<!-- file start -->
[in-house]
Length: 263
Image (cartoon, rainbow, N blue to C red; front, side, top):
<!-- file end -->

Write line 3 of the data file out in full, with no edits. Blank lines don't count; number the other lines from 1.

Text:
Image (cartoon, rainbow, N blue to C red; front, side, top):